How Music Therapy Helps Those With Dementia

Studies support the power of music therapy as a proven way to engage and improve dementia patients’ lives. Remarkable changes in behaviour are documented, where severely handicapped people suffering from memory loss suddenly burst into song remembering the words and melodies of tunes from the past. Some patients with severe dementia who no longer remember who they are have been reported to respond to the miracle of music.

Music Therapy and Loneliness

Dementia is a progressive disease that leaves patients unable to communicate. This causes sufferers to feel isolated and unable to communicate basic needs. According to Kimmo Lehtonen Ph.D., professor of education at the University of Turku, “music can actually make the mind move.” Music is believed to conjure up memories through an emotional connection that ultimately makes human interaction possible again.

The Proof that Music Therapy Helps Dementia Patients

One case study documented by Lehtonen was recorded with a video camera. Working as a music therapist, Lehtonen recorded a session with an 80-year-old patient suffering from dementia. The treatment administered in this case was the singing of folk songs in Finnish. In response, the patient sang old romantic songs in Italian. Many of these songs were very difficult. Lehtonen noted that the older patient’s expressions and voice were filled with authentic emotion that truly moved him. What made this patient’s singing so remarkable is that his history indicated that he barely remembered his name. Another noteworthy fact about this case that supports the idea that the emotion of musical memories is what breaks through the symptoms of dementia is the fact that the 80-year-old patient had spent the prime of his life in Florence.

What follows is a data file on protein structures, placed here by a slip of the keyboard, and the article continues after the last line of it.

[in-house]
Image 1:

A Brief History

There are documented uses of this therapy as far back as 2000 years ago. In the 20th century, musicians were requested to play for the WWI and WWII soldiers wounded in hospitals. Doctors realized the emotional and physical benefit of music for healing patients in both psychological and physical ways. The first official music therapy program started in 1944 and was offered at Michigan State University. As evidence that the acceptance of music therapy has grown, 75 educational institutions now offer degree programs in music therapy.


According to the Aging Well online site, there are seven main benefits derived from this type of therapy that positively impact dementia patients. The benefits listed below are the reason music therapy has been accepted as a positive approach to dementia treatment. Musical therapy promotes the following changes:

  • A sense of well-being
  • Improved memory
  • Opportunities for social engagement
  • Improved motor skills
  • Pain management without drugs
  • A complementary addition to physical rehabilitation that employs continuous movement and vocal activity
  • A renewed feeling of control over one’s life


As more is learned every year about dementia; it becomes obvious why music therapy is working to improve these patients’ moods and sense of well-being. Clinical case studies indicate that music affects learning, language skills, memory, expressing emotion and motor responses. Even people with severe dementia respond to music. Based on the undeniable results, music therapy is expected to continue as a viable treatment for dementia sufferers in the future.